Take a few seconds and try to recall as many science-fiction-related clichés as you can…

W. Shatner
Please don’t let Captain Kirk’s gaze distract you.

The science-fiction genre has commonly been associated with a parade of recurring themes, plots and characters. It isn’t rare to find robots, alien races (usually the green kind), the mandatory human hero and the occasional appearanace of a higher intelligence. These and many more ‘ingredients’ have been constantly re-worked and updated through the years and according to the ever-evolving nature of our technological context.

Quite often, however, lack of imagination and overuse of those elements can lead even the most patient reader/watcher on the planet to wish they weren’t wasting their time on with the story (or that they were wasting it in a more useful way at least).

So, how about throwing a good bit of humour into the mix and making fun of all those old clichés? That’s exactly what the Hitchhiker’s Guide to the Galaxy does.

The Hitchhiker’s Guide to the Galaxy

Picture yourself in this scenario: you wake up, mildly hungover, and discover that your entire race has got less than 15 minutes before being completely wiped out by a troop of interstellar civil servants. What would you do?

Option A
a)
Option B
b)
Beer!
c)

Although option B would seem the most sensible one, for Ford Prefect, an alien living undercover (or more precisely: stranded) on Earth, option C is unquestonably the wisest one as he prepares to ‘hitch’ a ride aboard a spaceship full of poetry-loving bureaucrats from outer space. His best friend, a human called Arthur Dent, unaware of the planet’s fate, prefers to spend his time complaining about an equally unaware troop of human civil servants trying to destroy his house.

The destruction of the planet sets in motion the plot of the story, sending them into a series of crises across time and space; one of which is the impossibility of finding a decent cup of tea anywhere else in the universe.

Don’t Panic!

These two words are printed in large letters on the cover of another of the protagonists of this story. The Hitchhiker’s Guide to the Galaxy is an electronic book, published in Ursa Minor, which in spite of being largely inaccurate and outdated, is the most popular source of information for those “impoverished hitchhikers trying to see the marvels of the Universe for less than thirty Altairan Dollars a day”.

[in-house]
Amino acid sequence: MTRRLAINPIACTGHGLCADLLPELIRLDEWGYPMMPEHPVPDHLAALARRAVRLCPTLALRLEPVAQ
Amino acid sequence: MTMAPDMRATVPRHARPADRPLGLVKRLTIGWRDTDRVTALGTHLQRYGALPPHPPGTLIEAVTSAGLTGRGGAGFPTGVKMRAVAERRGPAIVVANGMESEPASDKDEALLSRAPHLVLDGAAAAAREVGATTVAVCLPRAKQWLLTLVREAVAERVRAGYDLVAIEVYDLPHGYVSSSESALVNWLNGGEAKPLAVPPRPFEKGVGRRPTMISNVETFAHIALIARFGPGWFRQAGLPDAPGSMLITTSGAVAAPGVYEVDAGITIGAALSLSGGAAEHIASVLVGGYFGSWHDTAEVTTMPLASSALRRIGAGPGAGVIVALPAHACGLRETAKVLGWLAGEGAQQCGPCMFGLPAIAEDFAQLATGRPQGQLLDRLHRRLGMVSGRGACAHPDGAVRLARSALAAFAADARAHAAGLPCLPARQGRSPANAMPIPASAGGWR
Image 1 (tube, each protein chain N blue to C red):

I went to lie in a field, along with my Hitch Hiker’s Guide to Europe, and when the stars came out it occured to me that if only someone would write a Hitchhiker’s guide to the Galaxy as well, then I for one would be off like a shot. Having had this thought I promptly fell asleep and forgot about it for six years.”

This is how Douglas Adams, author of the Hitchhiker’s Guide to the Galaxy first came up with the idea for the story while lying drunk in a field in Innsbruck, Austria in 1971. His idea was finally materialised as a comedy radio series broadcasted by BBC Radio 4 in the United Kingdom in 1978. During the production of the radio show, Adams and his team were passionate about making sound effects that would stand out as innovative and original.

The radio show was soon followed by the first of five novels in the books series, a TV adaptation by BBC 2, LP recordings, a computer game, a second radio series, stage shows and more recently, three more radio series and a movie from 2005.

During the course of our 3rd Book Club, we’ll jump from adventure to adventure with Arthur and Ford while trying to discover the answer to the greatest questions in life. We’ll go on a journey across the universe at the same time that we laugh about those silly bits of our very earthly reality. Perhaps you’ll be surprised by the answer!

Watch the first episode of the TV series:

More Reading:

The 42 Things You Should Know About ‘The Hitchhiker’s Guide to the Galaxy’

The Hitchhiker’s Guide to the Galaxy, 30 years on: why we should still be reading it – The Guradian

Original Radio Scripts